Fight to keep CB coal trains out of Eugene gets tougher

Fight to keep CB coal trains out of Eugene gets tougher
COOS BAY, Ore.-- The fight to keep the Port of Coos Bay from shipping coal through the City of Eugene just got a but tougher after Congressman Peter Defazio says he is in full support of the coal trains.

A proposal to build a coal export facility in Coos Bay has some Eugene city councilors and other groups up in arms. Opponents say they're worried the trains carrying the coal to the South Coast would spread coal dust and cause traffic congestions, but their fight now appears to be getting a bit tougher.

Congressman Peter Defazio told KCBY after townhall meeting in Bandon last week that he sides with the Port of Coos Bay's decision to transport coal by rail through the state, into the Willamette Valley and into the Port of Coos Bay to be shipped to countries like Korea.

"I've talked to the port same thing. I've talked to the railroads they say hey we can design a car that can be fully enclosed you'll have a hopper off loaded into a shed. There'll be no coal dust anywhere," Defazio said.

Despite opposition from some in the Eugene City Council threatening to pass a resolution hoping to ban the trains, the Port of Coos Bay says choosing what passes through Eugene on their trains is not that easy.

"In the U.S. there is an issue called a common carrier obligation, and as a commercial fright rail operator we don't have the right to deny service to a customer. We are obligated to provide service," said Elise Hamner, Port of Coos Bay spokeswoman.

Opponents have also come to Defazio with concerns over the coal contributing to global warming, but Defazio says he isn't buying the arguments.

"I've had people say, if the U.S. doesn't sell coal to Korea they'll stop burning coal. No it's not. In fact Korea is burning very dirty coal right now. Much dirtier than ours," Defazio said. "If they were using U.S. coal then it would be a cleaner burn that what they are using now."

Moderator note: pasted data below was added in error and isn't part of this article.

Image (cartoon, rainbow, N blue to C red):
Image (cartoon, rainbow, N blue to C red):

The Port of Coos Bay says now is a time for residents to talk to them about their concerns because they too want an environmentally friendly operation, and they believe residents have legitimate concerns.

"We want a safe operationm," Hamner said. "We want a clean operation. We also want an operation that is supporting jobs that exist in this community."

With the issue of coal trains being an interstate commerce issue that can only be regulated by the Federal government, and Southwest Oregon's Federal representative now supporting coal trains, it looks like there is little the City of Eugene can do to prevent coal trains from passing through.

If the City of Eugene did pass a resolution expressing its desire to ban the train's passage while also voicing concerns about the environment, the city would be able to merely pass a resolution that is non-legally binding. The resolution would be more of a formal expression of the city's opinion rather than something that could be acted upon policy-wise.